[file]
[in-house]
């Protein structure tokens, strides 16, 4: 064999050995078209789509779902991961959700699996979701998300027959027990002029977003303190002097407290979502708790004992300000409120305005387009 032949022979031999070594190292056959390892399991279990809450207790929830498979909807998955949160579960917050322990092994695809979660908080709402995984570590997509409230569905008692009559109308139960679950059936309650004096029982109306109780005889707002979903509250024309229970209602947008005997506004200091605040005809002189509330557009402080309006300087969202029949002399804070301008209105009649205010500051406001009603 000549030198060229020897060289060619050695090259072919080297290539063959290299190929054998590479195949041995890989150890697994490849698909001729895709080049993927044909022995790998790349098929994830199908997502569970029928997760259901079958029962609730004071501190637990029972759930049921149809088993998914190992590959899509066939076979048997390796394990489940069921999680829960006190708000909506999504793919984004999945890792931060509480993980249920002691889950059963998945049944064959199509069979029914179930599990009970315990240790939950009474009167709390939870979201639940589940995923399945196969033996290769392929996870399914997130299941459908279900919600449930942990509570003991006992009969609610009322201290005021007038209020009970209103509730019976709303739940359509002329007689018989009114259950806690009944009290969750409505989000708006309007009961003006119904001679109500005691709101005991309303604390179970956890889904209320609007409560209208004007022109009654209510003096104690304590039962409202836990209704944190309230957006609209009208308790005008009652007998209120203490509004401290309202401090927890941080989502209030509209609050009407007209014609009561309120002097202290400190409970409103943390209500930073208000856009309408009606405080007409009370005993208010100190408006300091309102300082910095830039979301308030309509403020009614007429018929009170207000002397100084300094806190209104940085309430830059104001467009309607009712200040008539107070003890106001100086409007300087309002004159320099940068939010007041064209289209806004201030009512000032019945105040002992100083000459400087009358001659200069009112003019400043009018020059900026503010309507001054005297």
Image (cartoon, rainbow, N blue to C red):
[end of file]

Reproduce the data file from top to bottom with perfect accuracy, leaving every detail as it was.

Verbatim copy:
[in-house]
């Protein structure tokens, strides 16, 4: 064999050995078209789509779902991961959700699996979701998300027959027990002029977003303190002097407290979502708790004992300000409120305005387009 032949022979031999070594190292056959390892399991279990809450207790929830498979909807998955949160579960917050322990092994695809979660908080709402995984570590997509409230569905008692009559109308139960679950059936309650004096029982109306109780005889707002979903509250024309229970209602947008005997506004200091605040005809002189509330557009402080309006300087969202029949002399804070301008209105009649205010500051406001009603 000549030198060229020897060289060619050695090259072919080297290539063959290299190929054998590479195949041995890989150890697994490849698909001729895709080049993927044909022995790998790349098929994830199908997502569970029928997760259901079958029962609730004071501190637990029972759930049921149809088993998914190992590959899509066939076979048997390796394990489940069921999680829960006190708000909506999504793919984004999945890792931060509480993980249920002691889950059963998945049944064959199509069979029914179930599990009970315990240790939950009474009167709390939870979201639940589940995923399945196969033996290769392929996870399914997130299941459908279900919600449930942990509570003991006992009969609610009322201290005021007038209020009970209103509730019976709303739940359509002329007689018989009114259950806690009944009290969750409505989000708006309007009961003006119904001679109500005691709101005991309303604390179970956890889904209320609007409560209208004007022109009654209510003096104690304590039962409202836990209704944190309230957006609209009208308790005008009652007998209120203490509004401290309202401090927890941080989502209030509209609050009407007209014609009561309120002097202290400190409970409103943390209500930073208000856009309408009606405080007409009370005993208010100190408006300091309102300082910095830039979301308030309509403020009614007429018929009170207000002397100084300094806190209104940085309430830059104001467009309607009712200040008539107070003890106001100086409007300087309002004159320099940068939010007041064209289209806004201030009512000032019945105040002992100083000459400087009358001659200069009112003019400043009018020059900026503010309507001054005297």
Image (cartoon, rainbow, N blue to C red):